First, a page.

In 1987, Myarc - already known in the TI community for several peripheral expansion cards - launched the Geneve 9640, a complete computer on a card, intended to replace the original TI console.
Some rumours tell that the name Geneve was derived from a picture of Geneva (French: Génève) seen by one of the responsible designers. The addition 9640 should be read "9-640":
- Originally, the name should refer to TI-99, but Myarc did not get the permission to create such a similar name. The single "9" shall keep a little bit of reference to the roots, the TI-99/4A.
- The new computer was designed to have a main memory of 640 KiB (main+video), comparable to the RAM size of common PCs at that time.
As the TI console is not required anymore, the flex cable interface becomes obsolete. The long flex cable also showed signs of wear after years, so dropping the cable removed yet another source of instabilities.1
1At least for my system.
As a computer of 1987, the Geneve shows an impressive performance on many areas, getting close to common PCs at that time:
- PC-XT keyboard interface
- Three-button mouse
- 512 KiB System RAM (expandable to 2 MiB)
- 128 KiB Video RAM
- Compatible Video Controller, introducing new resolutions
- Real-time clock
- TMS 9995 processor on 12 MHz speed
Most important, the Geneve uses the TMS 9995 processor which is compatible to the TMS 9900 from the TI-99/4A, adding four more instructions. The video controller is a MSX 9938 which is also compatible to the TMS 9918 family. In order to increase compatibility, the Geneve offered a "GPL Mode" which reorganized the address layout to the TI-99/4A style. In that way, nearly all TI programs can run on the Geneve without any modification. Cartridges have to be copied to disk as the Geneve does not offer a cartridge slot.
The Geneve has a built-in boot ROM, but this only provides a simple loader for a disk operating system, which, by some similarities to other known operating systems, was named MDOS (Myarc Disk Operating System).
MDOS is currently still maintained and under ongoing development. The latest version is 6.50 and has been released as freely distributable. With this release, MDOS has been relabeled as Geneve OS. You can download a disk image for use in the MESS emulator.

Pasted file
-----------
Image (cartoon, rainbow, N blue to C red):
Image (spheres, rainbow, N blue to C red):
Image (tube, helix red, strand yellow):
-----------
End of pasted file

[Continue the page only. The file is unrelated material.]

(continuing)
There has also been an update to the Geneve boot ROM which allows to choose the boot device. The original boot ROM could only boot from a floppy disk in drive one, or from a hard drive, but this hard drive must be addressed as HDS1. Other drives, especially SCSI drives, are not able to boot with the original ROM.
Another popular extension is the CPU memory upgrade to 576 KiB. This modification is mandatory if MDOS 2.50 and above shall be used. The multi-layered printed board layout makes such modifications pretty difficult (if possible at all), but in this case it is only required to solder another SRAM piggy-back onto the existing RAM circuit. One of the select lines must be connected to the Gate array. Here are the detailed instructions.
The GenMod modification is a significant enhancement of the Geneve board when used together with a MEMEX memory expansion card:
- Full usage of 2 MiB address space.
- Zero wait state for external memory.
This requires a set of modifications to the Geneve board.
As the circuit board of the Geneve extends outside of the Peripheral Extension Box, there is some chance that the box slot gets in contact with the board, causing a short circuit. It is a very good idea to protect the portion of the circuit card that extends outside the PEB with electrical tape to shield it from possible damage by the fingers to either side of the PEB slots.
While the Geneve, with its remarkable new features and much higher speed, gained a lot of attention in some parts of the TI community, other TI users were somewhat less impressed. This was probably due to these reasons:
- Earlier products from Myarc suffered from stability problems. There was not much confidence that this should have changed for this complex new project.
- Myarc decided for a high integration on the circuit board which required multi-layer boards. As a pretty large part of the community is dedicated to hardware projects on the TI, the new Geneve makes modifications hard or even impossible.
- Not only the hardware but specifically the implementation of DSRs showed that Myarc programmers did not pay enough attention to standards within the TI architecture. For example, instead of using the standard way of inspecting the peripheral card DSRs for devices, the Myarc DOS for the Geneve included these devices in the code, leaving no way to include new peripherals anymore.
Therefore, the acceptance of the Geneve depends much on the area of interest of the user: While hardware-related projects mostly keep away from the new computer, software authors welcomed the new features, and quite a lot of programs have been written. The Myarc DOS (MDOS) is still developing.